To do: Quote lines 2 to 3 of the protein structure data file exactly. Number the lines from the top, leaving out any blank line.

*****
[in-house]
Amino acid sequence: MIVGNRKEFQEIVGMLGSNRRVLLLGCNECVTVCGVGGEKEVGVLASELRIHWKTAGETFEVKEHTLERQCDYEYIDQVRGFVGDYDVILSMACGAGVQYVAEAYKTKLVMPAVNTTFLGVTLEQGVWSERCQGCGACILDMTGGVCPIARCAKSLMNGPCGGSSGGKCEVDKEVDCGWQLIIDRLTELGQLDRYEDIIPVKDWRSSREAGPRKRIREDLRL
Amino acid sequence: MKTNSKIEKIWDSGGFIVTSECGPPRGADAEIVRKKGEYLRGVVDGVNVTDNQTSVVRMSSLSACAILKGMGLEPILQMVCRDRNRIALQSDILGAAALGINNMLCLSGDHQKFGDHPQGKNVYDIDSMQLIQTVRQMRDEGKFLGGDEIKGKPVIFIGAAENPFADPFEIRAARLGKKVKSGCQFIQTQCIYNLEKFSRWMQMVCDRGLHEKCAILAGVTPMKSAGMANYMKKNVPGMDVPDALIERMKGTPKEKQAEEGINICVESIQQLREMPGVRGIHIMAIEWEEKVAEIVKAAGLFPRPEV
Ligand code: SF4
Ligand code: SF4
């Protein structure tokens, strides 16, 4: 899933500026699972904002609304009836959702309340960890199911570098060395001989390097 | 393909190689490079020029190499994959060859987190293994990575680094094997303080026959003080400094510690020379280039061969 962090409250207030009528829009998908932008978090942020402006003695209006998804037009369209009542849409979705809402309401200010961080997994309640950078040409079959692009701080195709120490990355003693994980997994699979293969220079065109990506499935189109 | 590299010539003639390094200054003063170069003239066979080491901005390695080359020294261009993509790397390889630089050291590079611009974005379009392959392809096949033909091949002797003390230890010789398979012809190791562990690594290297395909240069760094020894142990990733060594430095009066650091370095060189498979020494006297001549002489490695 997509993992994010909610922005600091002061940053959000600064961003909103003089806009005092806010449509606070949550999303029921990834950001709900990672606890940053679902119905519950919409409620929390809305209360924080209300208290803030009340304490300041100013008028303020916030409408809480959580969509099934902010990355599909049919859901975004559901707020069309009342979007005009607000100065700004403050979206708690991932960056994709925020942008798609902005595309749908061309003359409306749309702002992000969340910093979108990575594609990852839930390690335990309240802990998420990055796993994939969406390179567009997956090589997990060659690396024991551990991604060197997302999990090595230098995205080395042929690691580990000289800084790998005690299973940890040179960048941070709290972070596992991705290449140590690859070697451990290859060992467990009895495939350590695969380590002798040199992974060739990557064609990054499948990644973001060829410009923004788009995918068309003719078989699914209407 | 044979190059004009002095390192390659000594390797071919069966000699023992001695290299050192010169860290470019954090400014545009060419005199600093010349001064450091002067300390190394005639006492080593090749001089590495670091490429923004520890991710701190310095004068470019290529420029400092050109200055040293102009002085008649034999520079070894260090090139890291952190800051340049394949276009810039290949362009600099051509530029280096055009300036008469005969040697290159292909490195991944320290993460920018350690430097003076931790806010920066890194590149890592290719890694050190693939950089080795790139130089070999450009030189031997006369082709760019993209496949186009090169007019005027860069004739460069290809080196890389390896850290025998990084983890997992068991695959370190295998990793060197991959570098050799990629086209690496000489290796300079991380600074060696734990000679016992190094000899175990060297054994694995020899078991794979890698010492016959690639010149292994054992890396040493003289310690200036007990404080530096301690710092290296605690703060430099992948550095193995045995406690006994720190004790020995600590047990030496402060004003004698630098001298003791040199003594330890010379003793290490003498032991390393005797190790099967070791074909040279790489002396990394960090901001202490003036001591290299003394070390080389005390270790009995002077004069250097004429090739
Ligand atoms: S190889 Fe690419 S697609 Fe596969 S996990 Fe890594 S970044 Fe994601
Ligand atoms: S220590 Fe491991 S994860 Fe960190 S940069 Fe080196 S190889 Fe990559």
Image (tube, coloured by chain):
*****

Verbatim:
Amino acid sequence: MIVGNRKEFQEIVGMLGSNRRVLLLGCNECVTVCGVGGEKEVGVLASELRIHWKTAGETFEVKEHTLERQCDYEYIDQVRGFVGDYDVILSMACGAGVQYVAEAYKTKLVMPAVNTTFLGVTLEQGVWSERCQGCGACILDMTGGVCPIARCAKSLMNGPCGGSSGGKCEVDKEVDCGWQLIIDRLTELGQLDRYEDIIPVKDWRSSREAGPRKRIREDLRL
Amino acid sequence: MKTNSKIEKIWDSGGFIVTSECGPPRGADAEIVRKKGEYLRGVVDGVNVTDNQTSVVRMSSLSACAILKGMGLEPILQMVCRDRNRIALQSDILGAAALGINNMLCLSGDHQKFGDHPQGKNVYDIDSMQLIQTVRQMRDEGKFLGGDEIKGKPVIFIGAAENPFADPFEIRAARLGKKVKSGCQFIQTQCIYNLEKFSRWMQMVCDRGLHEKCAILAGVTPMKSAGMANYMKKNVPGMDVPDALIERMKGTPKEKQAEEGINICVESIQQLREMPGVRGIHIMAIEWEEKVAEIVKAAGLFPRPEV